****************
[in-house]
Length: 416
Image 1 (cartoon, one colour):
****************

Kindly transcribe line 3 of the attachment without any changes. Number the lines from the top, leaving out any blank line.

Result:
Image 1 (cartoon, one colour):